Monday, March 30, 2020

Lord Peter Wimsey: Shorts

Lord Peter Views the Body / Dorothy L. Sayers
NY: Harper Collins, c1993, c1928
336 p.

Short stories in a mystery series are always iffy. I found that Lord Peter Views the Body (considered #4 in the series but really a standalone) was a fun collection of 10 short stories and two novellas. 

The very first story, The Abominable History of the Man with Copper Fingers, started us off with a bang. A sculptor in America is trying to take revenge in a horrific way; Lord Peter prevents the second part of his terrible revenge from occurring. Using science and gothic tropes both, this story is fascinatingly macabre. I am sure I read it somewhere else, probably in an anthology at some time. A classic! The last story, really a novella, is also strong. The Adventurous Exploit of the Cave of Ali Baba features a vast gang of criminals with a mask wearing Master Criminal leading them all. Lord Peter infiltrates the gang, nearly finding it fatal. Again, a startling use of technology for 1928! A complex and fun story, although I can't quite place where it might sit in Lord Peter's timeline.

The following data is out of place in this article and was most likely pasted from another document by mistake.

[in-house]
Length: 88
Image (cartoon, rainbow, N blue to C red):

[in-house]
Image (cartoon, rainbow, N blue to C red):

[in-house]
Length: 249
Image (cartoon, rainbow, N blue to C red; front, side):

The remainder of the stories in this collection vary. One or two are overly complicated (like the crossword puzzle, argh -- skipped through it) and others are entertaining. It's a pretty good collection, and shows other sides of Lord Peter and Bunter. I still prefer longer form from Sayers though. 

Hangman's Holiday / Dorothy L. Sayers
NY: Harper Collins, 1993, c1933
191 p.

Now on to the second title, Hangman's Holiday -- considered #11 in the series but again definitely a standalone. Only the first four stories feature Lord Peter. Of those, two feel like they could have anyone as a lead, although they are quite interesting, they don't necessitate Peter's particular character. The other two really highlight the high society, clever puzzles that Peter is excellent at, and were really fun.

The remaining 8 stories introduce Montague Egg, a travelling salesman and observant crime solver - I hesitate to consider him a sleuth, as he is just an amateur who happens to see things and put them together in the course of his job. He is like a type of Poirot in a way. I found his stories amusing and clever. While they are all quite different, they are the type of story you might expect from Sayers. From blackmail to poisoning to murder in the night, it's all there. 

These two collections are fortunate additions to Sayers' series (and a good intro to another character, Monty Egg). I found them both light, clever and enjoyable, which I didn't expect. Sometimes short stories work after all!


  1. Seeing this reminded me that I've not read a single book or story by Sayers. Considering her long popularity and how long I've been aware of her books, that makes me wonder how this could have happened. I'll have to fix that...with a different book of hers.

    1. Definitely try one! They are a little uneven but I've really enjoyed reading the whole series anyhow. I love Murder Must Advertise and the Strong Poison/Have His Carcase/Gaudy Night set most.


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